I consider myself quite the name game-changer by having an “i” instead of a “y” at the end of “Kelli.” But I have nothing on the crop of kiddies that we can expect in the next nine months. The baby name website Nameberry.com recently released their list of the top 100 girl names searched for during the first half of this year. Now, Nameberry is different from the annual U.S. list of most popular baby names, because it is based on searches and not actual birth records. Also, the site is open to all countries, with the U.S. making up a third of the queries. Regardless, their list shows signs of a new generation filled with some truly bizarre names. Golden oldies like Lauren, Sarah, and Rachel have been exiled from the list and replaced with names like Esme. Hello, “Twilight” effect! And that’s not the only search that appears to have pop culture-influenced. It’s no doubt “Lost” fans who put Evangeline in the top 50; and could peeps be naming their baby girls Quinn after the character on “Glee“?
But these names are tame compared to some of the oddities that made the list. After the jump check out the 10 titles we thought were the weirdest.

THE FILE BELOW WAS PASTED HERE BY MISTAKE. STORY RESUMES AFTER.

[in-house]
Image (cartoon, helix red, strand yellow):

- Seraphina. This is the number two name on the list, which absolutely perplexed me. It turns out it’s what Ben Affleck and Jennifer Garner named their second child.
- Imogen. A shout-out to singer Imogen Heap?
- Mae. The named usually tacked on the end of Fannie or Maggie is going solo.
- Emmeline. It seems when a name gets old, adding a suffix always bring it new life. This one, I am still a little unsure about.
- Harlow. Nicole Richie is finally making a difference in the world—just not in the way she probably expected.
- Coco. Hopefully, this isn’t parents taking an interest in Ice-T’s wife, Coco, and more taking inspiration from Chanel’s classy leading lady.
- Arabella. Since Isabella also made the list, and both can be shortened to Bella, this has to be the “Twilight” influence on unborn children. Kristen Stewart would be broodingly proud.
- Maeve. This name is like the Aphrodite of Ireland. It is taking from the warrior queen Medb, who was known for being intoxicating to all men.
- Avery. Taken from the boys? This is the first reference I heard to Avery being used for girls. It also supposedly means “elf council,” so “Lord Of The Ring” fans take note.
- Aurora. As a big “Sleeping Beauty” fan, I am happy to see my favorite princess making the list.
Are these new unconventional picks a good way to go in baby naming? [Huffington Post]